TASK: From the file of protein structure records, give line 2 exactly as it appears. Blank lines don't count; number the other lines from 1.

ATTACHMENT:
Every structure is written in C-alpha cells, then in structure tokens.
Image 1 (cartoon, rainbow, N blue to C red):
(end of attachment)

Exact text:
Image 1 (cartoon, rainbow, N blue to C red):